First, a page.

And oh yeah there’s some other chemicals in that toxic soup that we haven’t even studied. So there’s that.
All of this talk of improved air quality and decreased cancer risk begs the question: How bad was it?
For details about how bad it was in 2010, read the Battlement Mesa HIA, Draft 2, Appendix D, Screening Level Human Health Risk Assessment, page 66.
For a brief description, the Daily Sentinel article quotes from the latest CDPHE report’s Executive Summary.
… According to the new assessment report, findings from studies from 2008-12 indicated that some of the primary chemicals associated with oil and gas emissions, such as benzene and toluene, “were higher in rural Garfield County than in other urban areas (e.g., Grand Junction) outside the County.
Gosh. I don’t remember anyone admitting that back then. That is some secret they’ve been keeping.
However, no compounds at any of the Garfield County monitoring sites have shown consistent increases since monitoring began in 2008. As per (Garfield County Public Health) reports, the 2011 and 2012 air quality monitoring studies indicated consistently decreasing concentrations of many compounds at some monitoring sites since 2008.” In tandem with that decrease, the new assessment found a 4.5-fold drop in the cumulative cancer risk estimates at the Parachute monitoring site, a two-fold decrease at the site south of Silt and a 1.4-fold drop at the Rifle site.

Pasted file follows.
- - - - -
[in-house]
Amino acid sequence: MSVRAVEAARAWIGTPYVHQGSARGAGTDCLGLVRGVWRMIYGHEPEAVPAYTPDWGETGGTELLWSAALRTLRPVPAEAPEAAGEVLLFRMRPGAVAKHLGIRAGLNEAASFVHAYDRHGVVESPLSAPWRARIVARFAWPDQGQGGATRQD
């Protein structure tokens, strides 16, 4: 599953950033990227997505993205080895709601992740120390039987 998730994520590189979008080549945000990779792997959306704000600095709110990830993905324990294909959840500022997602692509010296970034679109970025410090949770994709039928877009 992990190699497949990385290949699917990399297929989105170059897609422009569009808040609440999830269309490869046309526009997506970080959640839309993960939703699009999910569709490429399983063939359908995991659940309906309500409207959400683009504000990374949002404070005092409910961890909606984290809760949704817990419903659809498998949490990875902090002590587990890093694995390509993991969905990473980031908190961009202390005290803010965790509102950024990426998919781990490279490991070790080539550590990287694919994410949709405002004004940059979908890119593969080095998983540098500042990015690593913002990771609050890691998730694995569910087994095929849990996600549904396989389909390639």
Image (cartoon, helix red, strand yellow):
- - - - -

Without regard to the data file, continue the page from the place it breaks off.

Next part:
Mike Van Dyke, chief of the health department’s Environmental Epidemiology, Occupational Health, and Toxicology Section, told Garfield commissioners Monday that the Rifle decrease may have been smaller because it’s an urban area that doesn’t see as much change over time …
… “So really, the big picture here is, cancer risk is decreasing at all these sites from 2008 to 2012 — big decreases,” Van Dyke said.
Let’s take a look at those “big decreases” — emphasis added: